Philippians 1:29: a theology of suffering?

Would you believe that suffering, as part of the Christian life, according to the Bible, is a gift from God? 

In Philippians 1:29 is the word χαριζομαι (the text has the aor pass indicative: εχαριστη), which has to do with grace or to give graciously (BDAG 7893; Bibleworks 8).  In addition, χαριζομαι was a common term used in honorific documents lauding officials and civic-minded persons for their beneficence.  Who more than God, our gracious heavenly father, deserves such an honorific description, who desrves to be lauded for his beneficence? 

So, with regard to suffering, in a sense it is part of God’s gracious favor towards us, that we suffer for him, whatever that may mean, be it through poverty, illness, disability, persecution, even imprisonment (as in the case of Paul) (the list could go on and on). 

And to be sure, these things may not all happen here in the States necessarily (not yet at least) but they happen to Christians all over the world on a regular basis, especially in what are called “closed” countries (ie, most of the Middle East, most of Asia, and any other region of the world with a communist or totalitarian government). 

Here is how Lightfoot reads Philippians 1:29

God has granted the high privilege of suffering for Christ; this is the surest sign that he looks upon you with favor.  

Suffering is the surest sign that God looks upon us with favor?  This is hard to believe/hear isn’t it?  That a sign of God’s favor is not necessarily or always blessing (mainly in the material or physical sense).  One might be lead to ask, if I am not suffering in some fashion for following Jesus, am I really following Jesus?  Do I have God’s favor? 

I find this particularly interesting because thinking in many Christian circles seem to suggest the opposite: that suffering is somehow a curse, a sign of God’s punishment or judgement, not his blessing.  This seems to be especially true in those circles that promote the health and wealth gospel (also known as Word of Faith).  These folks see health and wealth as signs of God’s favor not suffering.  In fact, they eschew suffering.   This is contrary to the word of God.  We should embrace suffering, for through it, we have God’s favor. 

This is one of the reasons why preaching through Philippians has been challenging for me though I am not even out of the first chapter yet.  The more I read it the more I become uncomfortable with the notion that people who follow Jesus with all of their hearts don’t suffer.  Paul blatantly contradict that notion.   Now, I hesitate to say any material or physical blessing is somehow wrong – it isn’t because God does bless his people.   Some are gifted to be wealthy for the benefit of the larger body of Christ, but I would not say this is the norm or even to be expected by most.   And who’s to say being wealthy isn’t aform of suffering since so much responsibility is required to maintain that wealth and or to handle that wealth in a responsible way?  Make no mistake: not every rich person is happy – many suffer all sorts fo hardships, especially from friends and family who may not be wealthy and who want a chunk of that wealth.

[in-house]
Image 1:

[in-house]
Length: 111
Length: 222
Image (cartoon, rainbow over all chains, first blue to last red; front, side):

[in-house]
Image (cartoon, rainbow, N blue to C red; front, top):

Anyways, suffering for the Lord Jesus is a basic part of discipleship and is to be expected and embraced.  It comes with the cost of following Jesus – and so Paul exhorts the Philippian believers to “live in manner worthy of the gospel,” “as citizens of heaven,” standing firm in the one Spirit, striving together in unity for the sake of the gospel so they won’t have to fear those who oppose them.

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7 responses to “Philippians 1:29: a theology of suffering?

  1. Excellent post, Bryan. Thank you. Always a good reminder.

    I remember last year someone at our church anniversary read what Wesley wrote about Blackburn in his journal. It was something to the effect that the societies had no wealthy among them. The whole congregation went, ‘Aw…’, thinking Wesley was talking down about the people. I think the reader even said something to the effect that the reader hoped Wesley would find things better off today.

    I then had the dubious job of explaining the Wesley was bragging, not judging or complaining.

  2. Really nice post. I agree with a2j. I’m going to link this on one of my other blogs. Thanks for writing it. Unfortunately suffering is a subject of interest of mine and this is different from anything I’ve read. Good job.
    Jeff

  3. Bryan, I agree with this view of suffering. Amen. But I’m not against receiving God’s blessings. Wealth and suffering are a part of life. Sometimes it’s just a matter of which part of the world and when we are born. I’m blessed to be living in Canada but I pray for the suffering Christians born in Muslim parts of Sudan.

  4. Suffering for the sake of the Gospel or because we are trying to be Holy without the strength of His Spirit (ie religious) ? Are we humble enough to accept that we may be born in an affluent part of the world and may never experience persecution? It must always be His grace first, lest we seek suffering to make ourselves feel ‘Christian’. It will come to us, we don’t need to seek it.

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